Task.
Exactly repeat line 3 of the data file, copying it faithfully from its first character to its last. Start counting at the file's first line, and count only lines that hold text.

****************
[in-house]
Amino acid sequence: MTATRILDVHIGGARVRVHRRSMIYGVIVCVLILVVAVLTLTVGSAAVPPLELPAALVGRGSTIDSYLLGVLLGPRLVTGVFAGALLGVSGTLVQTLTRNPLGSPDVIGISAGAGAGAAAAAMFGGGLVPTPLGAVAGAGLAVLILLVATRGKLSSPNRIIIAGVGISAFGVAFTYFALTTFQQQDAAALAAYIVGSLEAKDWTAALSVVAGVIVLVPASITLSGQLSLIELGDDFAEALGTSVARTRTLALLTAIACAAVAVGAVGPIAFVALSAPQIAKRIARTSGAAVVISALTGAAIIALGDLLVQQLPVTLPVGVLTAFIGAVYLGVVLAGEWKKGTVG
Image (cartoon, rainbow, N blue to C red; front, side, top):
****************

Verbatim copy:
Image (cartoon, rainbow, N blue to C red; front, side, top):